Its offering of wines and wine tourism is nearly infinite, as is the quality of the wines themselves: Priorat, Penedès, Corpinnat, Costers del Segre, Empordà, Alella, Pla de Bages, or Montsant are just some of the Designations of Origin (DO) you can visit on your gastronomic journey through Catalonia.

Picking the magnificent “tear of Llavaneras” peas with our own hands, also known as earth caviar, is a highly recommended experience. Attending a “calçotada” and learning how to cook these delicious tender onions over an open flame while drinking wine directly from the traditional “porró” and learning to make the sauce that accompanies this dish is something unique. The volcanic cuisine of La Garrotxa, with its Sant Pau beans and fantastic cheese dairies, is another must-visit.

Furthermore, Catalonia offers us an exceptional coastline with equally exceptional products: prawns, mantis shrimp, sea urchins, rockfish, lobsters, are just examples of the seafood that can be seen at their fish markets or “Llotjas.” We must not forget the remarkable offering of gourmet restaurants that this region provides, some of which rank among the best in the world.

Balearic Islands

Las Islas Baleares son conocidas por su estilo de vida relajado y su cocina mediterránea. Además de su magnífica calidad de vida, las islas te sorprenderán por su exquisita gastronomía. La ensaimada, un dulce tradicional hecho con manteca de cerdo, es una auténtica delicia, y aprender a hacer una tú mismo es una experiencia inolvidable.

The Balearic Islands are known for their relaxed lifestyle and Mediterranean cuisine. In addition to their excellent quality of life, the islands will surprise you with their exquisite gastronomy. The “ensaimada,” a traditional pastry made with lard, is an authentic delight, and learning to make one yourself is an unforgettable experience.

Unique cheeses like Mahón cheese, high-quality beef, wineries producing wines with native grape varieties for wine tourism. Enjoying a day of fishing on their famous “Llaüts,” followed by a delicious “bullit i peix” (fish stew) in a fishermen’s hut facing the Mediterranean, is a memorable experience. Routes through olive groves, orange groves, and almond trees will make you feel that in these wonderful islands, nature, not humans, dictates the pace of life. Learning all the secrets about “sobrasada,” or discovering the history of Mahón’s mayonnaise, their most internationally renowned sauce, are just some of the countless gastronomic activities that these magnificent islands will offer us.



Leon is a gastronomic gem still waiting to be discovered by many food enthusiasts. Except for seafood, León offers an unparalleled culinary repertoire. From magnificent cave-aged cheeses like Valdeón or Los Beyos to dishes marked by the history, topography, and culture of the Leonese people, such as “bacalao al ajo arriero” (cod with garlic), trout soups, “cocido maragato” (a local stew), or “botillo” (a type of sausage). The blood sausage of León is famous throughout Spain and is the only one served in a “cream” style. Its “cecina,” whether made from goat or cow, is renowned for its quality across the country. Moreover, cured meats like chorizo make the Leonese charcuterie a delight almost comparable to areas known for the best Iberian products.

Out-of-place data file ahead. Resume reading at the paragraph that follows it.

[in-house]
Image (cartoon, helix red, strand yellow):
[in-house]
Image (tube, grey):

León also boasts two magnificent Designations of Origin (DO) for wine tourism. One of them, DO Bierzo, is undoubtedly one of the geographical regions that has shaken up the world of wine in the last 20 years, with renowned winemakers producing some of their best wines here. Bierzo, in addition to great wines, offers an incomparable range of high-quality produce: peppers, chestnuts, apples, and potatoes are just a few examples of the gastronomic excellence of this territory.

But if all this weren’t enough, León can proudly claim to be one of the regions in Europe with the highest quality beef production. Valles del Esla or the meats from the renowned El Capricho in Jiménez de Jamuz, named by Time magazine as the best place in the world to eat meat, are clear examples of this. León wins over visitors with its magnificent “tapas,” substantial appetizers served for free with each drink in every bar. That’s why it’s normal in this province to go out for a drink and end up having a full meal.

For all these reasons, León couldn’t be missing from our list of the 12 best gastronomic destinations in Spain.

La Rioja

La Rioja is a world-class wine region. Its vineyards stretch across hills and valleys, creating a picturesque landscape that is especially delightful in the autumn. In addition to tasting some of the best wines in Spain at historic wineries, you can enjoy regional cuisine that pairs perfectly with its wines. Try roast lamb, “bacalao a la riojana” (Rioja-style cod), the famous “chuletillas al sarmiento” (grilled lamb chops over grapevines), or “patatas a la Riojana” (Rioja-style potatoes) – these are some of the dishes you can’t miss.

In Logroño, the capital, you must spend an evening on Calle Laurel, savoring tapas and pintxos of sublime quality, such as the ear sandwich or the mushroom pintxo. La Rioja and Euskadi are quite similar in their approach to pintxos and bar-hopping. La Rioja offers a unique gastronomic experience in an incomparable wine-oriented setting.

Aside from its incredible wine-focused gastronomy, La Rioja offers bucolic landscapes that, along with the hospitality of its people, make you never want to leave this magnificent region. For all these reasons, it couldn’t be missing from our list of the 12 best gastronomic destinations in Spain.

Bodega moderna con tejado ondulado en LA Rioja


Valencia’s cuisine goes far beyond its paellas and rice dishes; it’s a Mediterranean flavor festival that delights the senses. This region of Spain is known for its vibrant cuisine and markets filled with excellent products. That’s why it can’t be missing from our list of the best gastronomic destinations in Spain.

Valencian wines are a delight for oenophiles. The Utiel-Requena region produces exceptional red and white wines. A visit to a winery during the grape harvest season can be a perfect opportunity to taste these unique wines while exploring the beautiful vineyard landscape and even stomping grapes as in ancient times.